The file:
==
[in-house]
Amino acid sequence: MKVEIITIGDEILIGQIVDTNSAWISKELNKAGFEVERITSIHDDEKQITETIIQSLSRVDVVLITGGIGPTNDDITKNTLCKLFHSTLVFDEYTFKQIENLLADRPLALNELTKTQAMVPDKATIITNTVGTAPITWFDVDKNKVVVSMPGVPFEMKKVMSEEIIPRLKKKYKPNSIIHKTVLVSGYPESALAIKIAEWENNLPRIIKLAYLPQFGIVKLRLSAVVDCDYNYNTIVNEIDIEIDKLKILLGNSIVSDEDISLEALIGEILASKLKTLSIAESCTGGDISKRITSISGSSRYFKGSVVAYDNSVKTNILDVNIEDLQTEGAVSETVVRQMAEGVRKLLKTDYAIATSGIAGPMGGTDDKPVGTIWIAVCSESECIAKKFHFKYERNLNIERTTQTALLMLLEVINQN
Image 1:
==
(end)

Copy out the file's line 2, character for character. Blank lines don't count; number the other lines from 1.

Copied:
Amino acid sequence: MKVEIITIGDEILIGQIVDTNSAWISKELNKAGFEVERITSIHDDEKQITETIIQSLSRVDVVLITGGIGPTNDDITKNTLCKLFHSTLVFDEYTFKQIENLLADRPLALNELTKTQAMVPDKATIITNTVGTAPITWFDVDKNKVVVSMPGVPFEMKKVMSEEIIPRLKKKYKPNSIIHKTVLVSGYPESALAIKIAEWENNLPRIIKLAYLPQFGIVKLRLSAVVDCDYNYNTIVNEIDIEIDKLKILLGNSIVSDEDISLEALIGEILASKLKTLSIAESCTGGDISKRITSISGSSRYFKGSVVAYDNSVKTNILDVNIEDLQTEGAVSETVVRQMAEGVRKLLKTDYAIATSGIAGPMGGTDDKPVGTIWIAVCSESECIAKKFHFKYERNLNIERTTQTALLMLLEVINQN